28 Wn.2d 476, THE STATE OF WASHINGTON, on the Relation of Northwestern Electric Company et al., Plaintiff, v. THE SUPERIOR COURT FOR CLARK COUNTY, H. G. Sutton, Judge

[No. 30122. En Banc.      Supreme Court      July 24, 1947.]

THE STATE OF WASHINGTON, on the Relation of Northwestern
          Electric Company et al., Plaintiff, v. THE SUPERIOR
           COURT FOR CLARK COUNTY, H. G. Sutton,
                     Judge, Respondent.1

[1] EMINENT DOMAIN - NATURE AND EXTENT OF POWER - PUBLIC USE -JUDICIAL DETERMINATION. In proceedings by a public utility district to condemn the properties of a power company, the action of the superior court in entering a decree of public use and necessity was a judicial determination that the use for which the property is to be taken is a public use, as required by amendment 9 to the state constitution.

[2] SAME - PUBLIC USE - PRODUCTION OF ELECTRIC POWER. The acquisition of properties by a public utility district for the purpose of furnishing electricity to the public, is a public use.

[3] SAME - PROPERTY SUBJECT TO APPROPRIATION - PROPERTY ALREADY DEVOTED TO PUBLIC USE - THEORY OF CONDEMNATION. A municipal corporation may be given the right by the legislature to condemn and take the property of a privately owned public utility corporation already devoted to the same public use, on the principle that the use of the public utility by a municipal corporation is larger in scope and of more general benefit to the public; and this principle is applicable to public utility districts as well as to other municipal corporations.

[4] SAME - PUBLIC USE - ADMINISTRATIVE FINDINGS OF NECESSITY - JURISDICTION OF COURTS. The courts have no concern with the determination of the commissioners of a public utility district that the taking of certain property was necessary, unless it be shown that they were guilty of fraud or acted arbitrarily or capriciously; and held in this case that there was no evidence which would support a


1 Reported in 183 P. (2d) 802.

[1] See 58 A. L. R. 787; 18 Am. Jur. 694.

 July 1947]          STATE EX REL. N. W. ETC. v. S. CT. 477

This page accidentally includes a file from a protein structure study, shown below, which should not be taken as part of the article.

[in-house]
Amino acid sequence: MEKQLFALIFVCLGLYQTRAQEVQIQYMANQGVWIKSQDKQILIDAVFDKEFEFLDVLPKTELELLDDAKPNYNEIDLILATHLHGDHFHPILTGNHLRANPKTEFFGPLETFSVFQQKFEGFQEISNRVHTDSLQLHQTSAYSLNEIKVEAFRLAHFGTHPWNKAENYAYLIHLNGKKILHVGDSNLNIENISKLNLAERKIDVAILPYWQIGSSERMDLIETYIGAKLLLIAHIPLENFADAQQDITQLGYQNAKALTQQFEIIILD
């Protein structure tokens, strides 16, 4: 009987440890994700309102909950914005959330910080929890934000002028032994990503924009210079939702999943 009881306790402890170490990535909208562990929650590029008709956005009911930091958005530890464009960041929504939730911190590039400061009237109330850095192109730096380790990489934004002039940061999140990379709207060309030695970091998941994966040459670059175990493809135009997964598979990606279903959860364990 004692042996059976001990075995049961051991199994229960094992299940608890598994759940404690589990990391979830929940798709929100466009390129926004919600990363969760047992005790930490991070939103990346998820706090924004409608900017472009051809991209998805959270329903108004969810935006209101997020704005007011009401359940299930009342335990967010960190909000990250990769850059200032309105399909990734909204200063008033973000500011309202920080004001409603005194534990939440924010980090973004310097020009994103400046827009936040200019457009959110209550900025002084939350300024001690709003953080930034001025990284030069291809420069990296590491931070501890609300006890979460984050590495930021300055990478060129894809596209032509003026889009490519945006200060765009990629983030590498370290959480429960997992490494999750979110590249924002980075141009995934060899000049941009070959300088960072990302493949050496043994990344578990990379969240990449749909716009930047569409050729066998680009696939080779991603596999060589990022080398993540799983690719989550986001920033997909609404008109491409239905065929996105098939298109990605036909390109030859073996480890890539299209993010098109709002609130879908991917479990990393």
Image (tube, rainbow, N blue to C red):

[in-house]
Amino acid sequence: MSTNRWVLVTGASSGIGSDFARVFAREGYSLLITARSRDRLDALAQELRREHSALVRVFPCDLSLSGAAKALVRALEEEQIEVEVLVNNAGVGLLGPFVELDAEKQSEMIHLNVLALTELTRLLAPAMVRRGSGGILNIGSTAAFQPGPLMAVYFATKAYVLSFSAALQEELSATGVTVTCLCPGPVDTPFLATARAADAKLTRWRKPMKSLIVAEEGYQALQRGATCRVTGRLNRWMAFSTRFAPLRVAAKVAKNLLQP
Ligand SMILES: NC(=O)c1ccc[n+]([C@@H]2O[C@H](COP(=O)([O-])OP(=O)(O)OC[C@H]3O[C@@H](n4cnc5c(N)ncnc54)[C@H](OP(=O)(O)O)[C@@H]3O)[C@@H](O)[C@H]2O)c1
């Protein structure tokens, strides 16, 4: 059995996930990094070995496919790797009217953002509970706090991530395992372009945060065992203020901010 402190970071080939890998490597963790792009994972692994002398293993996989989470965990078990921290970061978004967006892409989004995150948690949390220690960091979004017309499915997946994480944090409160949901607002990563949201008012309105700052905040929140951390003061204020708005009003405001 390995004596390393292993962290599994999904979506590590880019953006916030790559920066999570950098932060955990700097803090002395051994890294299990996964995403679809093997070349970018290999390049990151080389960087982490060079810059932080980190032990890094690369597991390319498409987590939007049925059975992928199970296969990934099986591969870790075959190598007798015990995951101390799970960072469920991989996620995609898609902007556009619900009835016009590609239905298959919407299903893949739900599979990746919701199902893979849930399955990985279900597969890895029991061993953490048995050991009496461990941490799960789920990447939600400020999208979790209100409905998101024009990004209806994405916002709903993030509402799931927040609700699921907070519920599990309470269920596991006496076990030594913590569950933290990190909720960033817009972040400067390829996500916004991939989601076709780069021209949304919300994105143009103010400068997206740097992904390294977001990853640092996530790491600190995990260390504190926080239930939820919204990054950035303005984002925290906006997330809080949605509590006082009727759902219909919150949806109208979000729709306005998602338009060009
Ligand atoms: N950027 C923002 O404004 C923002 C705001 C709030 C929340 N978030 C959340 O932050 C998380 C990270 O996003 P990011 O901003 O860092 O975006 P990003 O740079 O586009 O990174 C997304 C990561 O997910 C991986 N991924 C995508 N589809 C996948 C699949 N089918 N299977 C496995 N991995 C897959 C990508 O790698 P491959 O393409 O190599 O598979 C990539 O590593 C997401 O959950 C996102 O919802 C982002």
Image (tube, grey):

conclusion that the commissioners acted arbitrarily and capriciously, or fraudulently.

[5] SAME - EXTENT OF POWER - CITIES AND PUBLIC UTILITY DISTRICTS. In the determination of the question of public necessity, there is no distinction between the powers granted to cities and those granted to public utility districts.

[6] SAME - PROPERTY SUBJECT TO APPROPRIATION - FRANCHISES. The public utility district act specifically gives the districts the right to secure the franchises of privately owned public utilities by eminent domain proceedings.

[7] SAME - RIGHTS ACQUIRED - FRANCHISE - NECESSITY. In proceedings by a public utility district to condemn the properties of a power company lying within and without a city, it is necessary for the district to acquire the franchise of the power company covering its operations within the city, even though the district already holds a franchise to operate within the city, where the franchise held by the district only covers a system theretofore acquired by it and does not cover the property sought to be condemned.

[8] FRANCHISES - EXTENT AND EXERCISE OF RIGHTS - USE OF STREETS. Where a franchise to construct and operate a power system upon public streets does not describe in detail the properties covered thereby or their location upon the streets, the description and location of the property becomes fixed and certain when the system is actually constructed and located pursuant to the franchise.

[9] CONSTITUTIONAL LAW - PRIVILEGES AND IMMUNITIES - APPLICATION TO PUBLIC UTILITY DISTRICTS. Const. Art. I, 12, prohibiting the granting of special privileges and immunities to any citizen or corporation other than municipal, has no application to a public utility district, which has been expressly declared by statute to be a municipal corporation.

[10] MUNICIPAL CORPORATIONS - PUBLIC UTILITY DISTRICTS - STATUTORY PROVISIONS - LIBERAL OR STRICT CONSTRUCTION. Under Rem. Rev. Stat., 11615, the public utility district act is to be liberally construed.

[11] SAME - POWERS - EXERCISE OF POWERS IN PROPRIETARY CAPACITY -EFFECT UPON STATUS OF MUNICIPALITY. The fact that a municipal corporation is expressly granted certain powers, the exercise of some of which are in a proprietary capacity, does not warrant the conclusion that, in the exercise of its proprietary functions, it is not acting as a municipal corporation.

[12] CONSTITUTIONAL LAW - MONOPOLIES - APPLICATION TO PUBLIC UTILITY DISTRICTS. Public utility districts, being municipal corporations, are subdivisions of the state and are not subject to the provisions of Const. Art. XII, 22. prohibiting monopolies in this state.

[13] SAME. A public utility district organized under the laws of the state has the right to monopolize the business of furnishing power to the district.


[13] See 114 A. L. R. 192; 18 Am. Jur. 715.

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[14] EMINENT DOMAIN - PROCEEDINGS - EVIDENCE AS TO RIGHT TO TAKE - SUFFICIENCY. In proceedings by a public utility district to condemn the properties of a power company, held that the trial court was justified by the law and the facts in entering a decree of public use and necessity.